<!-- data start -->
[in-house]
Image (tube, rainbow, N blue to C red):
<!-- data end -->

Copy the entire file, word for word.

[in-house]
Image (tube, rainbow, N blue to C red):